I think one of my favorite themes so far in this year’s World Cup is the successes of teams despite external circumstances.
More than ever, we’re in a very political atmosphere in women’s football. Teams are advocating for equal pay comparable to their men’s teams and leagues; for more accessible viewership for games from the club to country levels; and for better resources to be allocated to diminish the rates of injury and increase performance, among many other important issues. Despite these issues, the women’s teams continue to celebrate many successes on and off the pitch. This has been exemplified perfectly in this year’s tournament—even in just the group stages.
The obvious example is the success of the Reggae Girlz of Jamaica, a team in deep conflict with their federation. In an open letter penned to the Jamaican Football Federation, the Reggae Girlz highlighted how they continued to show up yet continued to have issues ranging from planning and transportation; to training conditions, payment, and access to resources; to nutrition and accommodations while playing for Jamaica (ESPN). Despite having to crowdfund for expenses not covered by FIFA (that is, everything except for flights and hotels), the Reggae Girlz were one of the best teams to watch in the group stages (Edler). They did not concede a goal until their loss to Colombia (ranked 25th in world standings) in the Round of 16, and they held France (5th) and Brazil (8th) to 0-0 draws.
As it turned out, Jamaica (ranked 43rd) holding Brazil to a scoreless match ended Brazil’s campaign at the group stages for the first time since 1995 and sent Jamaica to the Round of 16 for the first time ever, men’s or women’s.
To not only make it out of the group stages for the first time in your nation’s World Cup history but to also knock out one of the top teams in the world while doing so is nothing to diminish or take lightly: this is a massive success for this team, and they did it without the support of their federation. One can only imagine how powerful, how much better, how much more dominant the Reggae Girlz could be if their federation was properly funding and supporting them.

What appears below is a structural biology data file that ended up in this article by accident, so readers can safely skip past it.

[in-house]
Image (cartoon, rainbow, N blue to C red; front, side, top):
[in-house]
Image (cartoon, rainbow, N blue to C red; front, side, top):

This is just one of the many stories of success on the world stage. Colombia and Morocco (72nd) triumphed out of their group to eliminate Germany (2nd) out of the group stages for the first time ever; South Africa (54th) advanced to the Round of 16 in just their second appearance at the World Cup; Nigeria (40th) defeated the Australian (10th) hosts and held the reigning Olympic champions of Canada (7th) to a scoreless draw to advance out of their group; Spain (6th) took down Sweden (3rd) to get into the final for the first time ever.
For the first time since the Women’s World Cup began in 1991, we will see a new champion crowned at the end of this World Cup. With Germany eliminated in the group stages, the USA (1st) and Norway (12th) eliminated in the Round of 16, and Japan (11th) in the quarterfinals, we can officially say we’ve entered into a new era in women’s football: an era in which the competition is closer than it’s ever been, and one in which the arguments surrounding women’s sports, and women’s football in particular, have never been more prevalent nor pertinent.
Midge Purce of the U.S. Women’s National Team and NJ/NY Gotham FC of the National Women’s Soccer League put it best on the 91st with Just Women’s Sports when she said, “The geopolitical landscape that a lot of these countries are coming from. . .it’s incredible that they’re [at the World Cup], and it’s even more incredible that they’re putting up these performances with the obstacles and hindrances that they’re facing every single day. To even arrive, let alone keep these scores tight, it’s absolutely remarkable. And you talk about acknowledging that this is a growing league . . . But the ability to expand women’s rights and the right to play sports, the right to exercise, the right to just practice and pursue whatever profession that you want to and express yourself however you want, [it’s] not even just a beautiful thing, but a critical thing, and I think it’s reflected in this World Cup.”
As we draw closer to the final on Sunday, August 20th (6:00 AM EST), I am so excited for the continual success in this tournament of firsts. The global comradery and display of talent have been monumental in moving the beautiful game forward, and I look forward to all that is yet to come.